Catfish at a Crossroads
A walk down memory lane explores how red-tailed catfish went from all the rage to aquatic nightmares for the uninitiated.
David Sands, Ph.D.
More than 20 years have passed since the last newsletter of the Red-Tailed Catfish Group (RTCC) was published in the United Kingdom. Some of its members were fortunate enough to experience the only official meeting at Preston (a small market city between Liverpool and Manchester in northwest England), where the talk turned to baby red-tailed catfish (Phractocephalus hemioliopterus), monster reds kept in a hobbyist’s swimming pool and a jar containing alien-looking giant tapeworms.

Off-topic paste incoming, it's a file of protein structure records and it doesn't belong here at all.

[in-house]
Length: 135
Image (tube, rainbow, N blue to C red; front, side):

In June 1995 my Handbook of the Red Tailed Catfish: Emperor of the Amazon was published. The handbook brought together 10 years of survey research and ironically made the need for a RTCC club more or less redundant. The RTCC had been formed to help combat the dearth of published information on red-tailed cats, especially related to general husbandry, to fund a captive survey of red-tailed cats, provide for research and to make the hours of telephone conversations between myself and struggling aquarists viable. We produced newsletters, enamel badges, drinking cups and other items to promote the survey.
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